Finally, I had a long chat with Graham from Soutron who is almost like a relative of the Library. He has designed a new product called Solo which is an upgraded version of Textworks.
Textworks is like the backbone of the Library. Solo is much more contemporary with its databases linked with urls and it has all the technological features you tend to see with the library databases these days. Inspired by the internet, it is much quicker and avoids the walls between the different sections of the catalogue. I actually forgot to ask him to show me the enquiry logging bit, which is a bit silly of me as that is what I would have like to know about.
It is not a revolutionary product by any means, but it would make many daily tasks quicker and it just means a lot to have the latest software when you use it day in and day out! So thumbs up for Soutron Solo! Let’s hope we buy it soon!
If I had to rate the overall conference experience, I would give it 3 out of 10, while in the past it has been a 8 out of 10. But I wouldn’t have known that unless I had been there, amirite?
I didn’t bring back much on the latest trends in information retrieval, the only CPD related inspiration I got was by speaking to Michal Martin and the buzz was just not there.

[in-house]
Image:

Oh and next time, if I go, I will bring my own sandwich, I found £5 for a cheese and tomato Panini so crazy that I didn’t bother getting a drink with it!
Thursday, 21 October 2010
I had a funny moment, I didn't say anything at the moment, but yesterday when a lady said to me: "today being a librarian is all about customer service and about the new social media tools....." I just wished I had told her there and then that THAT (and more) has always been the case for Librarians; customer service is one of our core principles, when was it not part of our work?
Also, from what I understand of history, we have always adapted the latest technologies into our work, from very early on actually, so just because the libraries are using web 2.0 tools now, doesn't mean we just opened up our eyes to technology today. It's like, just because your eyes are closed, doesn't mean I am not here!